11 Aug 2014

I'm Not A Real Person Yet

So after a 4 month hiatus, I'm back on the blogosphere. Maybe that's because I’ve only recently recovered from writing my dissertation (a harrowing phase of my life which included multiple breakdowns, but also produced the mildly successful hit "Dissy's Done" à la Frozen), spent too much time revising for French exams (pfft as if), or because I ran out of things to say. Or maybe because I only have £4 in my current bank account (or any account for that matter), and I'm contemplating my life as an impoverished, out of work graduate, with as much life direction as a tangled slinky. Oh, and I just got fined £8 by Barclays because my phone bill bounced (too poor to afford it you see). That’s the price for being a pauper.

But enough with the excuses.

It's ironic perhaps that I wrote my dissertation on American independent filmmaker Noah Baumbach, because he's a sucker for this anxious-ridden phase of life. On my year abroad in Gay Pareeee, I saw his film Frances Ha (a B&W film starring the tantalising Greta Gerwig) and Adam Driver (think HBO/Lena Dunham's Girls). It was this film alone which made me decide to write a whole 8,000 words on the filmmaker, despite having never seen his other films. In retrospect however, I probably should have written on Woody Allen, or someone a little more mainstream. It was a Love/Hate relationship, leaning more towards the latter. Turns out the secondary criticism on Baumbach was sparser than the hair on the Duke of Edinburgh's head. Oh well, it turned out all right in the end, despite not being able to eat for a whole week before it was due in. No mean feat given I'm a massive foodie. The burger I treated myself to after dissertation hand-in made every gland in my body salivate. I’m joking. That's disgusting.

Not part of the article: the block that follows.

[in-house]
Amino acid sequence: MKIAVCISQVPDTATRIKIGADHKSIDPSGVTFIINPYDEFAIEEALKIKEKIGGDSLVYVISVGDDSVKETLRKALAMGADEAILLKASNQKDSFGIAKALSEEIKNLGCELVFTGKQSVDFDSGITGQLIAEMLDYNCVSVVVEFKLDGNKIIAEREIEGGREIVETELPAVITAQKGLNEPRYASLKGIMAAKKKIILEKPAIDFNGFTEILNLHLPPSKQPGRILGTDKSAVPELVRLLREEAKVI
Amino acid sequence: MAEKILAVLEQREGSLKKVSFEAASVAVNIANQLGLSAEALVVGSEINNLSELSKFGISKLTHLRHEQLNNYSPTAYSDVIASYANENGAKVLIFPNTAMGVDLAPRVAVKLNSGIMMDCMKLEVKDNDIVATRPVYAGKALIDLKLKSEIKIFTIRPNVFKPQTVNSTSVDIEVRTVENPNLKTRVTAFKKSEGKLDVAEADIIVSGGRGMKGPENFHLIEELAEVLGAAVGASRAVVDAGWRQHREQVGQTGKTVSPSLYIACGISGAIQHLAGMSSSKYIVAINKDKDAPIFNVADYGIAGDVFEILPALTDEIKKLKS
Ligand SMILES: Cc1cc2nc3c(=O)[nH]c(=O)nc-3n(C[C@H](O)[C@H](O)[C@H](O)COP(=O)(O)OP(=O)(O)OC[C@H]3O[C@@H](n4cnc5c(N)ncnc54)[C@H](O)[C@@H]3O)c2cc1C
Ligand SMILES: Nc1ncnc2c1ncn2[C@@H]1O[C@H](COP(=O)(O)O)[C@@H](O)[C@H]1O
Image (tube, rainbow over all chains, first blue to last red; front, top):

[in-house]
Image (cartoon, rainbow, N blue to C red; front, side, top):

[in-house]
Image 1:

Baumbach's "niche" is struggling twenty-somethings (although sometimes older), stuck in that place between youth and adulthood, whilst refusing to grow up and take on responsibility. “How much longer can I act like a child? Am I still allowed to whinge and moan about trivial matters?” ask confused twenty-somethings. Except more commonly, he/she is unaware of his/her lack of maturity, so probably never gets round to asking such pertinent questions. When I broke down at lunch the other day (“My youth is over ” I lamented), my mum criticised me for acting like my life was already over. "Your life hasn't even begun yet" she muttered, shrewdly.

I was told throughout my teens that university would encompass the "best years of my life", and that I should make the most of it. Now that university is over, and the fear of long-term unemployment has kicked in, I can't help but think that it all goes downhill from here. No more mid-afternoon coffees in Exeter's many cafés, nor weekly shopping trips, late nights in mangy clubs, lie-ins, or hitting up the gym whenever I feel like it. My 8 hour week of studying will eventually be replaced with the structure of an 8 hour working day, 5 days a week. My evenings and weekends will suddenly become increasingly valuable. I'll become more conscious about making plans that I actually want to fulfil, rather than just doing stuff to kill time. But until then, it's a state of limbo. Just going for a ride in my #limbozine.